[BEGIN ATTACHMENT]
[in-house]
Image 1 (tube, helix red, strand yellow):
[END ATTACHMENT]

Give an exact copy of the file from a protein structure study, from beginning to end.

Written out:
[in-house]
Image 1 (tube, helix red, strand yellow):